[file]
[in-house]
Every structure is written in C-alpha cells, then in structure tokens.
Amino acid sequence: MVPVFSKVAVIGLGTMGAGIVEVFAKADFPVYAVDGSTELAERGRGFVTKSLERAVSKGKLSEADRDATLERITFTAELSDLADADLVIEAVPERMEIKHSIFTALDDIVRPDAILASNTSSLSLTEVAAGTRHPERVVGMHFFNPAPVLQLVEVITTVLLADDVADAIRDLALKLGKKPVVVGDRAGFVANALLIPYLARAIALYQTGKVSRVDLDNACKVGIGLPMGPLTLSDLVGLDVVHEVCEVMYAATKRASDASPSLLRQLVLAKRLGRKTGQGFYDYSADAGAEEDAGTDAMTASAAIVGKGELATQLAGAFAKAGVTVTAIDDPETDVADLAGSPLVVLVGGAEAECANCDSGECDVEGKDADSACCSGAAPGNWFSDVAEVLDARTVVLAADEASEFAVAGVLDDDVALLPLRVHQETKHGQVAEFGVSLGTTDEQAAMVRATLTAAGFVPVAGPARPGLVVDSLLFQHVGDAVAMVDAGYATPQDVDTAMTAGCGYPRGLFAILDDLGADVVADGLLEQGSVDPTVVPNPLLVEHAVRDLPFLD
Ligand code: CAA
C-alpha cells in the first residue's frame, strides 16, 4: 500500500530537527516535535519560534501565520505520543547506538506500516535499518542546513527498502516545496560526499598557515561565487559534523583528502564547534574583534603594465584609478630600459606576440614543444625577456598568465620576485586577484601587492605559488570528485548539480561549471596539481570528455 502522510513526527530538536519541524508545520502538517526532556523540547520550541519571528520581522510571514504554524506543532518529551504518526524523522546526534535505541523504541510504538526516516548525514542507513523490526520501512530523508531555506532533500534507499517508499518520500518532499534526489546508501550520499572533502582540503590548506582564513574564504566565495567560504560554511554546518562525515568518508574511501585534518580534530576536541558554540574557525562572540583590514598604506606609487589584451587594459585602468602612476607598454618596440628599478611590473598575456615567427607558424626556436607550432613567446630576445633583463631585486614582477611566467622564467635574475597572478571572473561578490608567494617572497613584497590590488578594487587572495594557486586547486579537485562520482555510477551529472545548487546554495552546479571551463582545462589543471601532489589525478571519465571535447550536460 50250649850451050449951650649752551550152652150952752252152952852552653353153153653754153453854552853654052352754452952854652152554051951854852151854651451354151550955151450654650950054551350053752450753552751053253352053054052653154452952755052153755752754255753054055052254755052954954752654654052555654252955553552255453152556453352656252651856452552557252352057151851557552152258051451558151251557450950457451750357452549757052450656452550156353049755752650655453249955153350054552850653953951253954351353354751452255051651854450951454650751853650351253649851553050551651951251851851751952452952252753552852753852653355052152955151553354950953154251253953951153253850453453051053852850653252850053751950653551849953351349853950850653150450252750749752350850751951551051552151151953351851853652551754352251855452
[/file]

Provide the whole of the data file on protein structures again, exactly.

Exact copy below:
[in-house]
Every structure is written in C-alpha cells, then in structure tokens.
Amino acid sequence: MVPVFSKVAVIGLGTMGAGIVEVFAKADFPVYAVDGSTELAERGRGFVTKSLERAVSKGKLSEADRDATLERITFTAELSDLADADLVIEAVPERMEIKHSIFTALDDIVRPDAILASNTSSLSLTEVAAGTRHPERVVGMHFFNPAPVLQLVEVITTVLLADDVADAIRDLALKLGKKPVVVGDRAGFVANALLIPYLARAIALYQTGKVSRVDLDNACKVGIGLPMGPLTLSDLVGLDVVHEVCEVMYAATKRASDASPSLLRQLVLAKRLGRKTGQGFYDYSADAGAEEDAGTDAMTASAAIVGKGELATQLAGAFAKAGVTVTAIDDPETDVADLAGSPLVVLVGGAEAECANCDSGECDVEGKDADSACCSGAAPGNWFSDVAEVLDARTVVLAADEASEFAVAGVLDDDVALLPLRVHQETKHGQVAEFGVSLGTTDEQAAMVRATLTAAGFVPVAGPARPGLVVDSLLFQHVGDAVAMVDAGYATPQDVDTAMTAGCGYPRGLFAILDDLGADVVADGLLEQGSVDPTVVPNPLLVEHAVRDLPFLD
Ligand code: CAA
C-alpha cells in the first residue's frame, strides 16, 4: 500500500530537527516535535519560534501565520505520543547506538506500516535499518542546513527498502516545496560526499598557515561565487559534523583528502564547534574583534603594465584609478630600459606576440614543444625577456598568465620576485586577484601587492605559488570528485548539480561549471596539481570528455 502522510513526527530538536519541524508545520502538517526532556523540547520550541519571528520581522510571514504554524506543532518529551504518526524523522546526534535505541523504541510504538526516516548525514542507513523490526520501512530523508531555506532533500534507499517508499518520500518532499534526489546508501550520499572533502582540503590548506582564513574564504566565495567560504560554511554546518562525515568518508574511501585534518580534530576536541558554540574557525562572540583590514598604506606609487589584451587594459585602468602612476607598454618596440628599478611590473598575456615567427607558424626556436607550432613567446630576445633583463631585486614582477611566467622564467635574475597572478571572473561578490608567494617572497613584497590590488578594487587572495594557486586547486579537485562520482555510477551529472545548487546554495552546479571551463582545462589543471601532489589525478571519465571535447550536460 50250649850451050449951650649752551550152652150952752252152952852552653353153153653754153453854552853654052352754452952854652152554051951854852151854651451354151550955151450654650950054551350053752450753552751053253352053054052653154452952755052153755752754255753054055052254755052954954752654654052555654252955553552255453152556453352656252651856452552557252352057151851557552152258051451558151251557450950457451750357452549757052450656452550156353049755752650655453249955153350054552850653953951253954351353354751452255051651854450951454650751853650351253649851553050551651951251851851751952452952252753552852753852653355052152955151553354950953154251253953951153253850453453051053852850653252850053751950653551849953351349853950850653150450252750749752350850751951551051552151151953351851853652551754352251855452